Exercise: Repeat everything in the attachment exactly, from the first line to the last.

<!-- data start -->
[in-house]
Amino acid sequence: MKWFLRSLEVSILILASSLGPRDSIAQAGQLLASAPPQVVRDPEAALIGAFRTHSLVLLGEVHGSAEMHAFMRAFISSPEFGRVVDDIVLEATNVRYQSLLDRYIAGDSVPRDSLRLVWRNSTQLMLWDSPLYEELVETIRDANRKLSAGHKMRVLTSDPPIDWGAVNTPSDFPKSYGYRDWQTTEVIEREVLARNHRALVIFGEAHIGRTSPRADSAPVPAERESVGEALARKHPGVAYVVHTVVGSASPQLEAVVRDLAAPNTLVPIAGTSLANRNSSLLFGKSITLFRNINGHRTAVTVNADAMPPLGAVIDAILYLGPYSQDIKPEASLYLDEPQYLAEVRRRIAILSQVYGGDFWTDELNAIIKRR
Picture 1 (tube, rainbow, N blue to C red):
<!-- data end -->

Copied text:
[in-house]
Amino acid sequence: MKWFLRSLEVSILILASSLGPRDSIAQAGQLLASAPPQVVRDPEAALIGAFRTHSLVLLGEVHGSAEMHAFMRAFISSPEFGRVVDDIVLEATNVRYQSLLDRYIAGDSVPRDSLRLVWRNSTQLMLWDSPLYEELVETIRDANRKLSAGHKMRVLTSDPPIDWGAVNTPSDFPKSYGYRDWQTTEVIEREVLARNHRALVIFGEAHIGRTSPRADSAPVPAERESVGEALARKHPGVAYVVHTVVGSASPQLEAVVRDLAAPNTLVPIAGTSLANRNSSLLFGKSITLFRNINGHRTAVTVNADAMPPLGAVIDAILYLGPYSQDIKPEASLYLDEPQYLAEVRRRIAILSQVYGGDFWTDELNAIIKRR
Picture 1 (tube, rainbow, N blue to C red):